Interspersed with autobiographical observations, Jennifer Ackerman’s Sex Sleep Eat Drink Dream: A Day in the Life of Your Body is both a personal and generalized tour of the human body. Ackerman’s work is fascinating, and it’s easy to focus on the parts that most interest the reader—like, why can’t I sleep at night? (It might be just part of the aging process.) Or, what makes that woman so attractive? (A direct gaze, symmetrical face, full lips and dilated pupils.) But the whole book is worth investigating for its explorations of appetite, sexual urges and nightmares, among other distinctly human experiences and expressions.

The book is divided into times of day—morning, midday, afternoon, evening and night—and then subdivided into germane topics. The system of organization works well because it keeps readers conscious of the rhythms of the body, so formed by the rhythms of the day. The section on “Wit,” for example, is in the morning part of the book, when many of us are sharpest, and a section on how we interpret different faces is in the “Dusk” portion, when many people attend parties or other social events. The “Afternoon” section includes “The Doldrums” and “In Motion,” encompassing both the torpor and production that the post-lunch period seems to engender.

Ackerman’s latest is full of intriguing facts, including that coffee’s flavor is 75 percent due to its odor. Jaws can put as much as 128 pounds of pressure on teeth during chewing. Laughter rouses the brain’s most primal “reward circuits,” which is how it relieves stress. Regular moderate exercise may relieve the symptoms of depression as well as therapy, and humans are the only species that can override the body’s natural sequence at will, forcing ourselves to stay awake, or denying hunger pangs.

Sex Sleep Eat Drink Dream offers fascinating insight into the workings of our often inscrutable bodies. It’s also amazingly comprehensive. As Ackerman writes, “From caress to orgasm, multitasking to memorizing, working out to stressing out, drooping to dreaming, it’s here.”

Booklist review 9/1/07:

When are we the most mentally alert?  What makes us feel hungry?  A skilled and personable science journalist, Ackerman has hit her stride in her third book, a virtual full-body scan conducted over the course of 24 hours.  With informational exactitude and conversational casualness, Ackerman summarizes and contemplates the latest findings regarding body processes and life habits.  Beginning with our grogginess upon awaking and moving through a typically demanding day and night of too little sleep, Ackerman explains the mechanics and significance of the body’s inner clock, why touch is essential to our well-being, and how those billions of microbes we host, weighing an estimated two pounds, help us digest food.  Stress is Ackerman’s most compelling subject:  what it is exactly, what havoc it wreaks, and how to control it.  As she touts the benefits of exercise, music, companionship, and laughter, which she describes as “stress therapy rooted in ancient neural threads of joy,” one can’t help but note that scientific breakthroughs are proving the veracity of age-old adages about how to live right.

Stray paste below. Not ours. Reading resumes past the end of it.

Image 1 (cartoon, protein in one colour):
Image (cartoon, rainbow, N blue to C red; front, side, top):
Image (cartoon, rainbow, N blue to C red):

Other reviews:

“Days of Our Lives” Washington Post, November 25, 2007

“Think you know your own body?  Think again.  Ackerman’s captivating book is rich with fun, fascinating news about your body that makes you see it in a whole new light.”  ~ Miriam E. Nelson, author of Strong Women Stay Young

“Jennifer Ackerman writes with the precision of a scientist and the elegance of a poet.  Her journey from morning to night is invigorating, informed, insightful, and wise.”

~ Steve Olson, author of Mapping Human History and Count Down.

“A fascinating look at what modern science tells us about who we are.” ~ Elizabeth Kolbert, author of Field Notes from a Catastrophe

“In a delightful picaresque describing the typical events inside a human body during an ordinary 24 hours, Jennifer Ackerman vividly captures the science of everyday life, from the way caffeine rouses us in the morning to the way alcohol puts us to sleep at night, from the biology of multi-tasking to the neurobiology of orgasms.  You’ll never think about your body–and what you do to it–in the same way again.”  ~ Stephen S. Hall, author of Size Matters and Merchants of Immortality